Africa & the Middle East

Infamously fierce, rhinoceroses, pictured is a black rhino in Kenya, are victims of rumors that have driven the price of their horn to hundreds of dollars an ounce.

Defending the Rhino

As demand for rhino horn soars, police and conservationists in South Africa pit technology against increasingly sophisticated poachers

The Arab Spring uprisings tell only part of the story.

The Struggle Within Islam

Terrorists get the headlines, but most Muslims want to reclaim their religion from extremists

Table Mountain is a flat-topped granite and sandstone massif that rises 3,562 feet above Cape Town, South Africa.

Take in South Africa From Table Mountain National Park

High above Cape Town, this craggy wildlife preserve provides sprawling views and thrilling hikes

Cape Coast Castle is one of several Ghanaian colonial-era compounds in which captured Africans were held in dungeons during the slave trade era.

Ghana’s Monument to Sorrow and Survival

At Cape Coast Castle, visitors walk in the footsteps of African slaves

In his new book, iDubai, Joel Sternfeld publishes scores of photographs from his iPhone.

Seeing Dubai Through a Cell Phone Camera

At a shopping mall in Dubai, Joel Sternfeld documents the peak of consumer culture with his iPhone

Mud-brick homes dot the hillside along the road from Bamyan City to the Bamyan Family Park.

A Short Walk in the Afghan Countryside

On their way to a park built in the shadow of Bamiyan’s Buddhas, two Americans encounter remnants of war and signs of promise

A cliff-face cavity is all that remains of one of two sixth-century Buddha sculptures, sublime expressions of Bamiyan's ancient kingdom.

Searching for Buddha in Afghanistan

An archaeologist insists a third giant statue lies near the cliffs where the Bamiyan Buddhas, destroyed in 2001, once stood

Legend has it that camel jumping began many generations ago with a dare between two Zaraniq tribesmen.

The Sport of Camel Jumping

In the deserts of Yemen, Zaraniq tribesmen compete to leap camels in a single bound

Love it or hate it, the vuvuzela is the voice of South African soccer fans and will be on display at the 2010 World Cup.

Vuvuzela: The Buzz of the World Cup

Deafening to fans, broadcasters and players, the ubiquitous plastic horn is closely tied to South Africa’s soccer tradition

Isolation allowed the Kurds to survive for thousands of years while other cultures faded from history.

Kurdish Heritage Reclaimed

After years of conflict, Turkey's tradition-rich Kurdish minority is experiencing a joyous cultural reawakening

"The numbers are incredible," says photographer Suzi Eszterhas of the multitudes of migrating wildebeests that cross from Tanzania to Kenya and back each year.

For Wildebeests, Danger Ahead

Africa's wildebeest migration pits a million thundering animals against a gantlet of perils, even—some experts fear—climate change

Mali's long history as a sub-Saharan trade route underlies its artistic traditions.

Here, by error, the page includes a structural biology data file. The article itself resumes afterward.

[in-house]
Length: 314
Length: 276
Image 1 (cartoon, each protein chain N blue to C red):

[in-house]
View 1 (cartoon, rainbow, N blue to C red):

Looting Mali's History

As demand for its antiquities soars, the West African country is losing its most prized artifacts to illegal sellers and smugglers

Working like "little pistons," donkeys keep the medina humming.  An estimated 100,000 people in the Fez area depend on the animals for their livelihood.

Morocco's Extraordinary Donkeys

The author returns to Fez to explore the stubborn animal's central role in the life of this desert kingdom

Scott Wing points out the red and gray strata visible in the distant hills.

Day 2: Uncovering Earth’s History in the Bighorn Basin

Secretary Clough tours the different Smithsonian excavation sites and discovers some prehistoric fossils while there

Secretary of the Smithsonian, G. Wayne Clough, traveled to Worland, Wyo. to observe Scott Wing and his team mine the fossil lode they found.

Day 1: A Geological Trip Back in Time

Smithsonian Secretary Clough flies to Wyoming to learn about a period of intense global warming that occurred 55 million years ago

Aptly named superb starlings enjoy the bird feeder at Mpala Ranch.

Day 5: Bird Watching and Animal Tracking

Living among the African wildlife, Smithsonian researchers are busy studying the symbiotic relationships between flora and fauna

Migratory animals such as elephants cover long distances over both public and private lands.

Day 2: What Can Researchers Do To Save the Savannah?

Between water shortages, erosion, and human population growth, the ecosystem and the animals of Kenya face serious risks

Smithsonian Secretary G. Wayne Clough travels to Nairobi, Kenya to understand the research programs and opportunities at the Mpala Research Centre.

Day 1: Seeing Kenya from the Sky

Despite many travel delays, Smithsonian Secretary Clough arrives in Kenya ready to study the African wildlife at the Mpala Ranch

Four hundred years ago, Isfahan was larger than London and more cosmopolitan than Paris.  The city's most famous bridge, Si-o Seh Pol (Bridge of 33 Arches) is nearly 1,000 feet long and 45 feet wide.

Isfahan: Iran's Hidden Jewel

Once the dazzling capital of ancient Persia,Isfahan fell victim to neglect, but a new generation hopes to restore its lost luster

Now ancient Famagusta, tucked into a modern city of 35,000 people, is largely forgotten, except, perhaps, as the setting for Shakespeare's Othello.

Endangered Site: Famagusta Walled City, Cyprus

Once located in the midst of high-volume shipping lanes, a forgotten city with multiple European influences could be lost forever without an intervention

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